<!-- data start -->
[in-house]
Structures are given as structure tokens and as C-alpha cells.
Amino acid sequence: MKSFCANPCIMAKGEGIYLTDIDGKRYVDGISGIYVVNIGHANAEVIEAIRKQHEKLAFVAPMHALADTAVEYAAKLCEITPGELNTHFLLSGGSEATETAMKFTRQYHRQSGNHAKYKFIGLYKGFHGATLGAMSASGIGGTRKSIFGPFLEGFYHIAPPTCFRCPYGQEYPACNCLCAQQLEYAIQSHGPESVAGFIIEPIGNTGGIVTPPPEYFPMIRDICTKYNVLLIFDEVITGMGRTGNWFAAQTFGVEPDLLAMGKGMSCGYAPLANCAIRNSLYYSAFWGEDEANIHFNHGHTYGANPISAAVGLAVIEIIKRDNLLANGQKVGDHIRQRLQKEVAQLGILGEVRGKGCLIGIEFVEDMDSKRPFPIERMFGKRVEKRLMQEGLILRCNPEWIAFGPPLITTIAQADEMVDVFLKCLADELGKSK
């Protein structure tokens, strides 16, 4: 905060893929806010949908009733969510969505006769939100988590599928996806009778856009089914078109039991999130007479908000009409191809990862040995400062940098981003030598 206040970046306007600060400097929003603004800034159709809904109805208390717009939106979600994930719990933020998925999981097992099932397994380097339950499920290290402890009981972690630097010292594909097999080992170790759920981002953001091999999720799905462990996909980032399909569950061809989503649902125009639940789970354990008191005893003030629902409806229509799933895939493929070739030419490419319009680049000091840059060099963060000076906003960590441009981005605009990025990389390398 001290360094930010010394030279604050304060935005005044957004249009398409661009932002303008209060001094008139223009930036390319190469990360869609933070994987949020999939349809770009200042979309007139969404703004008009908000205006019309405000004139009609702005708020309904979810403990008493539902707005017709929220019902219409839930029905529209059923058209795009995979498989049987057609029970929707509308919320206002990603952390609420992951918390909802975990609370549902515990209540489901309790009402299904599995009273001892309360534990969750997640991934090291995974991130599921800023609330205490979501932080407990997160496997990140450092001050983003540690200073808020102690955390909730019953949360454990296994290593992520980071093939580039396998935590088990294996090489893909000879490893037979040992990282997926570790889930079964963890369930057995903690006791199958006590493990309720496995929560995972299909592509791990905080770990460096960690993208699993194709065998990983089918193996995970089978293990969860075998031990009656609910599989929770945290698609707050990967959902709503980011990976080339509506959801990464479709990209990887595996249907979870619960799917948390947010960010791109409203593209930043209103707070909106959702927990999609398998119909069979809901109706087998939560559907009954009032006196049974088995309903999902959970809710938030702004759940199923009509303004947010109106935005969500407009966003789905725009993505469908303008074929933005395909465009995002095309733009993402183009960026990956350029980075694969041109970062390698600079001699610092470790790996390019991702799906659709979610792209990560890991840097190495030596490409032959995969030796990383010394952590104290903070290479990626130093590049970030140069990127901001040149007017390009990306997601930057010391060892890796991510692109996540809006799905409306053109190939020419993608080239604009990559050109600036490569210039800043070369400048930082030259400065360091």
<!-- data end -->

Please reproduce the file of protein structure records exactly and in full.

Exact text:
[in-house]
Structures are given as structure tokens and as C-alpha cells.
Amino acid sequence: MKSFCANPCIMAKGEGIYLTDIDGKRYVDGISGIYVVNIGHANAEVIEAIRKQHEKLAFVAPMHALADTAVEYAAKLCEITPGELNTHFLLSGGSEATETAMKFTRQYHRQSGNHAKYKFIGLYKGFHGATLGAMSASGIGGTRKSIFGPFLEGFYHIAPPTCFRCPYGQEYPACNCLCAQQLEYAIQSHGPESVAGFIIEPIGNTGGIVTPPPEYFPMIRDICTKYNVLLIFDEVITGMGRTGNWFAAQTFGVEPDLLAMGKGMSCGYAPLANCAIRNSLYYSAFWGEDEANIHFNHGHTYGANPISAAVGLAVIEIIKRDNLLANGQKVGDHIRQRLQKEVAQLGILGEVRGKGCLIGIEFVEDMDSKRPFPIERMFGKRVEKRLMQEGLILRCNPEWIAFGPPLITTIAQADEMVDVFLKCLADELGKSK
């Protein structure tokens, strides 16, 4: 905060893929806010949908009733969510969505006769939100988590599928996806009778856009089914078109039991999130007479908000009409191809990862040995400062940098981003030598 206040970046306007600060400097929003603004800034159709809904109805208390717009939106979600994930719990933020998925999981097992099932397994380097339950499920290290402890009981972690630097010292594909097999080992170790759920981002953001091999999720799905462990996909980032399909569950061809989503649902125009639940789970354990008191005893003030629902409806229509799933895939493929070739030419490419319009680049000091840059060099963060000076906003960590441009981005605009990025990389390398 001290360094930010010394030279604050304060935005005044957004249009398409661009932002303008209060001094008139223009930036390319190469990360869609933070994987949020999939349809770009200042979309007139969404703004008009908000205006019309405000004139009609702005708020309904979810403990008493539902707005017709929220019902219409839930029905529209059923058209795009995979498989049987057609029970929707509308919320206002990603952390609420992951918390909802975990609370549902515990209540489901309790009402299904599995009273001892309360534990969750997640991934090291995974991130599921800023609330205490979501932080407990997160496997990140450092001050983003540690200073808020102690955390909730019953949360454990296994290593992520980071093939580039396998935590088990294996090489893909000879490893037979040992990282997926570790889930079964963890369930057995903690006791199958006590493990309720496995929560995972299909592509791990905080770990460096960690993208699993194709065998990983089918193996995970089978293990969860075998031990009656609910599989929770945290698609707050990967959902709503980011990976080339509506959801990464479709990209990887595996249907979870619960799917948390947010960010791109409203593209930043209103707070909106959702927990999609398998119909069979809901109706087998939560559907009954009032006196049974088995309903999902959970809710938030702004759940199923009509303004947010109106935005969500407009966003789905725009993505469908303008074929933005395909465009995002095309733009993402183009960026990956350029980075694969041109970062390698600079001699610092470790790996390019991702799906659709979610792209990560890991840097190495030596490409032959995969030796990383010394952590104290903070290479990626130093590049970030140069990127901001040149007017390009990306997601930057010391060892890796991510692109996540809006799905409306053109190939020419993608080239604009990559050109600036490569210039800043070369400048930082030259400065360091």